Towards a theory of unemployment

Bill Dunn
  bill.dunn@sydney.edu.au
  

Abstract

Marx and Engels, and subsequent generations of Marxists, have written an enormous amount about unemployment but this paper argues that there is a lack of a convincing Marxist theory of unemployment. It identifies three sets of relations as the basis for such a theory.

Firstly, capital needs labour as a source of value and surplus value. It also needs (but in a weaker sense) non-labour, unemployment, both to discipline workers and as a reserve from which it can expand. This need for unemployment is weaker in that the disciplining aspects can be affected by other means and that even as the ‘limit’ is approached, the effects are disruptive rather than frankly incompatible with capital accumulation. (History records periods of very low unemployment and successful growth.) Moreover, to functional explanation based on the need for unemployment, it is necessary also to identify mechanisms by which this is created and perpetuated.

Secondly, capital accumulates, expanding the need for new workers. At the same time, as Engels in particular stressed, capital accumulation involves the introduction of labour-displacing technologies. These opposing forces potentially establish the basis for a dialectic of workers’ recruitment and expulsion. However, while this provides a useful background, Marxism is not fundamentally an equilibrium approach so this is insufficient to explain either the limits or the concrete variation in levels of unemployment.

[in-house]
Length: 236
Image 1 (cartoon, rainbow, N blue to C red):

Thirdly, capital (and social relations more generally) are understood in terms of a dynamic relation between structure and agency. A (legitimate) defence of the priority of social structures has militated against an engagement with questions of agency, in particular with the variability of employer motivations beyond those impelling competitive accumulation. Keynesian insights remain reified and apologetic unless resituated within a context of dynamic change and class struggle but when this is done they can add to our understanding of capitalism’s heterogeneity, inefficiency and instability to help explain the persistence of unemployment and the often restricted character of accumulation.

Marxist Accumulation Theory, Exploitation, Income Distribution, Keynes’ Effective Demand, Say’s Law - Unemployment - Political economy - Technology